Jose Nazario denies allegations he shot dead unarmed Iraqi prisoners
The civil trial has opened of a former US marine accused of killing unarmed Iraqi detainees in the city of Falluja, in the first case of its kind.
Jose Luis Nazario, 28, denies charges of voluntary manslaughter and assault over the deaths of four Iraqis in 2004.
He is the first former US soldier no longer serving to be tried for crimes committed while on active duty.
The trial, in the state of California, will use a law designed to be used for prosecuting civilian contractors.
Mr Nazario, who left the US Marine Corps in 2006, could face up to 10 years in jail if found guilty of all the charges against him.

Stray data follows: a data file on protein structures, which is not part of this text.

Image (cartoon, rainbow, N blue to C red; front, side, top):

Jury selection for the trial started on Tuesday and opening statements are expected later this week.
Two active service marines allegedly involved in the same incident face courts martial later this year.
According to Navy documents, several marines allege that Mr Nazario shot dead two Iraqi men who had been detained while his squad searched a house.
He is alleged to have ordered two other marines to shoot two other unarmed prisoners.
Some legal experts say the case raises questions about how those accused of breaking the law during combat should be brought to justice afterwards, says the BBC's Rajesh Mirchandani in Los Angeles.
In an interview, Mr Nazario said he was being prosecuted for using the training he was given.
The alleged incident occurred during some of the fiercest fighting in Iraq, as US forces battled for control of Falluja in 2004.